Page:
The live-action version of Ghost in the Shell was released on DVD this week. I’ve never seen the original animated version (my only full-length anime movie achievement is Akira, and from the clips I’ve seen of the original Ghost in the Shell, I’d rather not watch an animated nude assassin bouncing around). Since I had no reference with which to compare the Hollywood version, I found it to be visually impressive and pretty decent all around. I can’t help but think of Blade Runner when I see movies set in dystopian Asian metropolises, and considering the source material, the scenery in Ghost in the Shell doesn’t feel too far in the future.
As the title suggests, the “ghost” is the human spirit and the “shell” is the cybernetic body that houses a human brain (and its “ghost”). There have been plenty of books, movies, talks, research papers, news articles, and general hullabaloo about the practicality and implications of blending man and machine, specifically mind and machine. It has already taken place to some extent with mind-controlled prosthetics and even robotic devices that can be manipulated via brainwaves. Of course, inserting a human brain into an artificial body is still many, many years away (or is it?). The challenges with such an endeavor are legion, and even if the science were viable, the ethical and moral debates would rage for years, if not decades.
So let’s consider this from a Christian perspective. As believers, we know that our bodies are corrupt and fallen as a result of original sin, and that one day, it will be restored. In the kingdom of heaven, there is no sickness or death, which is why Jesus healed “every sickness and disease” (Matthew 4:23, 9:35). For the believer, not only are they restored to fellowship with God, but their body will be made perfect. Body and soul will be purified and perfected.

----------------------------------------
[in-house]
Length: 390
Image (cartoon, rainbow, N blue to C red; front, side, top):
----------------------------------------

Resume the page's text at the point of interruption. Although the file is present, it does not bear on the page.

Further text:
But what if that perfect body could exist on earth apart from God’s miraculous touch? What if a body could never be sick and could not “die” in the traditional sense? Go beyond that – what if there were no body at all? What if the human mind could be uploaded into cyberspace and never need to eat or sleep or exercise?
I am just a writer so I do not have any keen insight into the world of cybernetics or neuroscience, but I believe that ultimately, it won’t matter. What does matter is that a human soul cannot be created without a body. We cannot make a person. Only God can do that, and the only conduit through which a new soul is introduced to the world is through a human, fallen body, and it is that body which will be restored to full glory one day. We were meant to walk on two feet and touch things with our hands and feel the wind on our skin. The fact that this does not happen for everyone is a result of sin, and while a solution may be devised here on Earth, it is only temporary. Man’s best efforts to perfect the body will ultimately burn away with the rest of the fallen world, and God will restore everything to greater glory and harmony than anything man could ever devise.
This doesn’t mean we shouldn’t try. I marvel at medical technology and hope we continue to unlock the secrets of our physiology. I also know that the greatest body mankind can produce is just a shell. Only God can create the ghost, and that is the part that matters.